In a feat that could eventually unlock the possibility of speech for people with severe medical conditions, scientists have successfully recreated the speech of healthy subjects by tapping directly into their brains. The technology is a long, long route from realistic application but the science is real and the promise is there.
Edward Chang, neurosurgeon at UC San Francisco and co-author of the paper published today in Nature, explained the impact of the group’s work in a press release: “For the first moment, this study demonstrates that we can generate entire spoken sentences based on a single’s brain activity. This is an exhilarating proof of principle that with technology that is already within approach, we should be able to build a gagdet that is clinically feasible in patients with speech loss.”
To be perfectly clear, this isn’t some supernatural appliance that you sit in and its translates your thoughts into speech. It’s a complex and invasive process that decodes not exactly what the subject is logic but what they were actually speaking.
Led by speech boffin Gopala Anumanchipalli, the test involved subjects who had already had enormous electrode arrays implanted in their brains for a distinct medical mode. The researchers had these lucky people read out several hundred sentences aloud while closely recording the signals detected by the electrodes.
See, it happens that the researchers know a certain pattern of brain activity that comes after you think of and arrange words (in cortical areas like Wernicke’s and Broca’s) and before the final signals are sent from the engine cortex to your tongue and mouth muscles. There’s a sort of intermediate signal between those that Anumanchipalli and his co-author, grad student Josh Chartier, previously characterized, and which they thought may work for the purposes of reconstructing speech.
Analyzing the audio directly let the group determine which muscles and movements would be involved when (this is beautiful established science), and from this they built a sort of virtual version of the person’s vocal system.
They then mapped the brain activity detected during the session to that virtual version using an appliance learning system, essentially allowing a recording of a brain to command a recording of a mouth. It’s important to understand that this isn’t turning abstract thoughts into words — it’s understanding the brain’s concrete instructions to the muscles of the face, and determining from those which words those movements would be forming. It’s brain reading, but it isn’t mind reading.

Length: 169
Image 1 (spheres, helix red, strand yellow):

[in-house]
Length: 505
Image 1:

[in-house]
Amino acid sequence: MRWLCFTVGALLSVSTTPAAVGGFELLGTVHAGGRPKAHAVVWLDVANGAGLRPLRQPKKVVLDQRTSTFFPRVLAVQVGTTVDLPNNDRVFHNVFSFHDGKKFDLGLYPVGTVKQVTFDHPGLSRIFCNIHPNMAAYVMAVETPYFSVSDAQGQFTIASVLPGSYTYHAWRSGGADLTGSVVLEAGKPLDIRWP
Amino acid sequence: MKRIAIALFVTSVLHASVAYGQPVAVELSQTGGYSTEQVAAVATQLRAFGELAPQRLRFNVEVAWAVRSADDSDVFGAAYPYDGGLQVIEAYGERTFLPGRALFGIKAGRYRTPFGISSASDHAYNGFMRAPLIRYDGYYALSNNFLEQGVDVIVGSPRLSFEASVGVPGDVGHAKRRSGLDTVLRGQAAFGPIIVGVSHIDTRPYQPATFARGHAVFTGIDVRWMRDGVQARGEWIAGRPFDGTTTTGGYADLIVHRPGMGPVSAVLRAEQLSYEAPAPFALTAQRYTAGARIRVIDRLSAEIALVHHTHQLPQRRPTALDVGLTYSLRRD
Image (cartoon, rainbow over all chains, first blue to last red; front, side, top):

The resulting synthetic speech, while not exactly glass clear, is certainly intelligible. And set up correctly, it could be capable of outputting 150 words per minute from a person who may otherwise be incapable of speech.
“We still have a ways to go to perfectly mimic spoken language,” said Chartier. “Still, the steps of accuracy we produced here would be an unbelievable improvement in real-moment communication compared to what’s currently available.”
For comparison, a person so afflicted, for example with a degenerative muscular disease, often has to speak by spelling out words one letter at a moment with their gaze. graphic 5-10 words per minute, with other methods for more disabled individuals going even slower. It’s a miracle in a route that they can communicate at all, but this moment-consuming and less than natural mode is a far weep from the speed and expressiveness of real speech.
If a person was able to use this mode, they would be far closer to ordinary speech, though perhaps at the cost of awesome accuracy. But it’s not a supernatural bullet.
The problem with this mode is that it requires a fantastic deal of carefully collected data from what amounts to a healthy speech system, from brain to tip of the tongue. For many people it’s no longer feasible to accumulate this data, and for others the invasive mode of amass will make it impossible for a doctor to recommend. And conditions that have prevented a person from ever talking prevent this mode from working as well.
The good news is that it’s a begin, and there are plenty of conditions it would work for, theoretically. And collecting that critical brain and speech recording data could be done preemptively in cases where a stroke or degeneration is considered a hazard.